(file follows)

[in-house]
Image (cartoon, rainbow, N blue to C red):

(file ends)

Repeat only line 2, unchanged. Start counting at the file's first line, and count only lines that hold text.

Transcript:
Image (cartoon, rainbow, N blue to C red):